Current understandings of innovation in construction portray it as linear, deterministic phenomena centered around novel objects and technologies deployed in…

Abstract

Purpose

Current understandings of innovation in construction portray it as linear, deterministic phenomena centered around novel objects and technologies deployed in sequentially-organized supply chains. This study aims to develop an enriched understanding of construction innovation as non-linear, socio-material and dynamic phenomena in complex networks by formulating a novel conceptual apparatus of complex adaptive supply networks (CASNs) expanded through actor-network theory (ANT) concepts.

Design/methodology/approach

This combined CASN/ANT apparatus is mobilized in the context of a qualitative case study involving a housing construction supply network in Australia making use of offsite manufacturing (OSM) techniques.

Findings

The study shows that innovative technologies such as novel OSM products can play an important though not necessarily deterministic role in the evolution of CASNs. The study also explicates the process by which the enrollment of non-human agents and the resulting CASN evolution are linked: innovative technologies shape human and non-human interactions in ways that redefine task delegation, role definition and schemas that are fundamental to the shape of CASNs.

Originality/value

Findings provide a compelling empirical basis for arguing that CASNs must be conceptualized as heterogeneous systems and that innovation in construction must be understood as non-linear, socio-material and dynamic, rather than linear and driven by technological determinism. The study also interrogates limiting notions of supply chains and supports the notion of alternative inter-organizational forms to understand construction project work.

Details

Construction Innovation , vol. ahead-of-print no. ahead-of-print
Type: Research Article
ISSN: 1471-4175

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Article
Publication date: 28 September 2010

Sue Smith, Mary Rose and Ellie Hamilton

The purpose of this paper is to tell the story of the evolution of knowledge exchange (KE) activity within a department in a university in the north west of England and to…

Abstract

Purpose

The purpose of this paper is to tell the story of the evolution of knowledge exchange (KE) activity within a department in a university in the north west of England and to understand this activity through the lens of actor‐network theory.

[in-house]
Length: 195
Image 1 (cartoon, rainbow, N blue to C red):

Design/methodology/approach

Applying the sociology of translation to one qualitative interview shows how different actors were enrolled and mobilized into a KE actor‐network. The process of translation consists of four stages, problematisation, enrolment, interessement and mobilisation of allies which have been applied to the data to tell the story of the KE actor‐network. This is a cross‐disciplinary approach using a theoretical framework from sociology and applying it to a management/organizational context.

Findings

This framework brings fresh ways of looking at the importance of KE networks within universities. Although limited to one interview, the methodology allows for an in‐depth reading of the data and shows how resilient and flexible this actor‐network is to withstand and respond appropriately to shifts in policy and subsequent provisions for small‐ and medium‐sized enterprise business support.

Originality/value

Building from one case, the paper concludes that this account adds to an historical understanding of how universities become involved with KE activities. The inclusion of non‐human actors allows for a deeper understanding of the actor‐network and shows the importance of actors such as White Papers, pots of funding and physical buildings to the role of KE within higher education.

Details

International Journal of Entrepreneurial Behavior & Research, vol. 16 no. 6
Type: Research Article
ISSN: 1355-2554

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Article
Publication date: 8 January 2018

Karen A. Murdock and Claus J. Varnes

The purpose of this paper is to show that the entrepreneurial project ongoingly is transformed. Empirically, three defining junctions demonstrate the malleability of the…

Abstract

Purpose